Korean Air first operator of Boeing 747-8I to Australia

Korean Air Boeing 747-8I HL7642 at Sydney Airport. (Seth Jaworski)
Korean Air Boeing 747-8I HL7642 at Sydney Airport on Saturday September 2 2017. (Seth Jaworski)

Korean Air has become the first airline to operate the latest passenger variant of Boeing’s evergreen 747 to Australia.

The Skyteam alliance member’s Boeing 747-8I HL7642 touched down at Sydney Airport in the early hours of Saturday morning as KE121 from Seoul Incheon.

The aircraft was on the ground for about one hour and 40 minutes before taking off as the reciprocal KE122.

While Cathay Pacific has used the 747-8F freighter to Australia for a number of years, including to Brisbane West Wellcamp Airport, Korean Air is the first airline to operate the 747-8I to Australia.

The only other 747-8I flights to Oceania have been occasional Korean Air flights between Seoul Incheon and Auckland and Air China services between Beijing and Auckland.

In addition to the 747-8I now on the route, Korean Air has also previously used Airbus A330s and A380s for its Sydney service, depending on the time of year.

Korean Air Boeing 747-8I HL7642 at Sydney Airport. (Seth Jaworski)
Korean Air’s Sydney services are an overnight flight from Seoul Incheon and a morning departure from Mascot. (Seth Jaworski)

Korean Air is one of just three airlines flying the 747-8I passenger variant alongside Air China and Lufthansa, while there are 10 operators of the 747-8F freighter.

The Boeing website shows the 747-8 program has garnered 133 orders, comprising 88 -8F freighters and 45 -8I passenger aircraft. Of those 115 aircraft have been delivered, with 18 orders (17 freighters and one passenger variant) outstanding.

In July, Boeing said it was “reasonably possible” the company could end production of the 747 should new orders not materialise.

Further, the production rate of the iconic aircraft was being cut to six frames a year beginning in September.

Korean Air Boeing 747-8I HL7642 at Sydney Airport. (Seth Jaworski)
Korean Air Boeing 747-8I HL7642 takes off from Sydney bound for Seoul Incheon. (Seth Jaworski)

Comments

  1. B says

    Korean use the 747-8 between AKL and ICN during summer. Usually the same period the A380 is rostered onto the SYD route.

  2. Lechuga says

    Qantas should have a look at them whilst it’s down, sometimes you just can’t replace a good thing, for its range and all, they’d be a fairly good fit. 787s just won’t fill the hole the 747s will leave.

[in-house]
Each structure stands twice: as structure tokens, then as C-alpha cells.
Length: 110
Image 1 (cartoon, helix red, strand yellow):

3. Barry says

    I’m fairly sure they would have had a good look at it Lechuga and determined that the 787 is a phenomenally cheap aeroplane to operate compared to a 747, even the new -8 model. Hence the lack of orders.

  4. Lechuga says

    Barry, question is, what are qantas gonna do when they retire their 747s? How would they serve Johannesburg from Sydney? Virgin already had this issue with the 777 from Melbourne.

  5. PAUL says

    Nice Aircraft! limited future I know with modern technology but always confidence inspiring to look out on the wing & see 2 engines instead of one.

  6. Trogdor says

    Lechuga – they’ll simply bring pressure to bear on CASA until they drag themselves into the modern age and allow ETOPS 330 so Qantas can run a 787.

    LAN has been flying 787s Sydney to Santiago without a hitch for a while now.

  7. Adrian P says

    Going narrow body with a reduction in passengers is not just an airline route issue.
    With limited capacity at airports smaller aircraft means more movements for the same through put of passengers. Melbourne reckons it will have 80 movements an hour with the 3 runways. I reckon the most they are likely to get out of the final 4 runway layout will probably be maximum 120 movements an hour utilising the North- South pair of runways. The East-West runways will still be stuck with 80 an hour limit due to the need to use the long North-South runway for intercontinental traffic
    Heathrow can get 120 movements an hour through 2 runways and should get 180 an hour with the proposed third parallel runway. We are going to need more airports and preferably ones without runways crossing the primary runway.

  8. D W Bell says

    Successive governments at both Commonwealth and State level have backed the airlines into a hole, in terms of Sydney, in concert with the unions controlling the air traffic controllors. reality, Sydney should have had a 2nd airport 30 years ago, the third runway should have been an extra 400 metres and the world should have been square. There is still a need to have 4 engine big jets doing the extra long hull and trans oceania trips on the blue ribbon routes due to capacity. The A380 is both expensive in the air and on the ground, the 747 range was always a good fit with pax loads and distance. shame the engine makers could not tweek the designs to get the extra 1-3% efficiency. End of the day, qantas was sold a pup with the A380. the current balance of 12 A380’s and 10 late build (post 2000) 747’s is probably about right, but some dynamic thinking needs to start happening now other QAntas will end up being a south pacific end stop not major player in terms of world aviation..